JUÁREZ, Mexico — The mayor of Juárez made an urgent plea for help from the Mexican government, asking for medical supplies and to consider banning U.S. citizens from crossing the border.
Like in El Paso, Texas, new cases of COVID-19 are surging in Chihuahua state with the epicenter in Juárez, which hit 1,100 deaths over the weekend, state public health officials said.
Juárez Mayor Armando Cabada is asking the Mexican government to consider temporarily banning U.S. citizens from nonessential travel over the border as COVID-19 flares in the region, reports the El Paso Times, which is part of the USA TODAY Network.
Travel by U.S. citizens in “indiscriminate crossings at the border in Ciudad Juárez are contributing in an active manner to the expansion of the virus,” Cabada said Friday in a letter to Roberto Velasco Alvarez, director for North America in Mexico’s Secretariat of Foreign Relations.
The U.S. has restricted nonessential Mexican tourist travel over the land border since March 21, but U.S. residents still are able to go to Mexico.
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Cabada also made an “urgent plea” for medical supplies for hospitals over the weekend in a separate open letter to Mexican President Andrés Manuel López Obrador.
Juárez hospitals need beds, ventilators, oxygen tanks and medication, as well as personal protective equipment for medical workers, Cabada said in the letter.
Cabada himself is hospitalized after testing positive for the virus for a second time.
A mobile tent hospital will be set up outside a Juárez hospital, state health officials said.
There were 364 new infections recorded across Chihuahua state in the previous 24 hours, state health officials said Sunday.
“Tell me where there isn’t an outbreak? Right now in Chihuahua we are in ‘red’ (public health alert level), an intense red. Anywhere you put your finger on a map there is an outbreak,” Dr. Arturo Valenzuela, health director for the northern region of Chihuahua state, said Monday in virtual news briefing responding to a question about an outbreak in a maquiladora industrial factory.
There have been more than 11,800 cases of the novel coronavirus confirmed in Juárez since the pandemic began, but actual numbers are believed to be much higher due to limited amounts of testing.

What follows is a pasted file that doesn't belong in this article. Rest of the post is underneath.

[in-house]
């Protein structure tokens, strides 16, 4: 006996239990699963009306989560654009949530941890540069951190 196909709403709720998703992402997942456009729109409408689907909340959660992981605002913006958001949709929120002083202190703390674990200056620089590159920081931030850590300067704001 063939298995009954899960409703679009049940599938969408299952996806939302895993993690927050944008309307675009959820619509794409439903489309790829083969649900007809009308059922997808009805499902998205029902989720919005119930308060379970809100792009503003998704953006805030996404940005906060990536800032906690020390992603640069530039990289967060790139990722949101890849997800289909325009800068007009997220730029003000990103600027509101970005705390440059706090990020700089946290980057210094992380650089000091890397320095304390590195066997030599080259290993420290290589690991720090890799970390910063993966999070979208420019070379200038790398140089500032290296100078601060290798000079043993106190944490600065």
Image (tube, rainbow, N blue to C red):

Esly Jaquez, 19, used to cross to El Paso with her laser visa, or border crossing card. She hasn’t crossed since the U.S. government’s restrictions on nonessential travel went into effect in March.
Still, she said closing the border on the Mexican side isn’t the answer. Both sides need to better control the pandemic, she said.
“Just like they need to take precautions, we need to take precautions,” she said, waiting for a ride at the Plaza Victoria shopping center in Juárez. “Very few people have been following the rules.”
‘Red light’ restrictions
On Friday, Juárez implemented tighter “red light” state restrictions, including mandating the use of a face mask in public, limiting two adults per vehicle, a prohibition on weekend alcohol sales and a 10 p.m. to 6 a.m. curfew.
The alcohol-sales ban, curfew and vehicle limits are intended to slow the spread of the virus by decreasing the number of people out at night possibly attending gatherings.
A Juárez traffic officer inspects a vehicle. A nightly curfew and a two-adults-per-vehicle limit were implemented in the Mexico border city on Oct. 23, 2020, in an attempt to curb the spread of COVID-19.
Juárez police reported seeing a decrease in public activity and closed 106 parties Saturday night and early Sunday, officials said. About 90 drivers were stopped and warned for violating the vehicle occupancy limit over the weekend.
More: Apprehensions at Mexican border plunge as pandemic curbs migration
The city of Juárez’s emergency call center received 442 complaints about parties and gatherings, but only 30 calls turned out to be real, the mayor added.
Osvaldo Lezama, 31, was hawking his car-washing services Monday morning in the parking lot of a Soriana grocery store.
Lezama said he is worried about the virus and its effect on the economy in Juárez. He said he hopes the return to “red” level restrictions will slow the contagion.
“It’s going really badly for us ― with work and the sickness,” he said, wearing a surgical mask. “People aren’t following the rules. They have get-togethers. They have parties.”
Daniel Borunda may be reached at 915-546-6102; firstname.lastname@example.org; @BorundaDaniel on Twitter.
Lauren Villagran can be reached at email@example.com.
This article originally appeared on El Paso Times: US-Mexico border: Juárez mayor asks to stop US travel due to COVID-19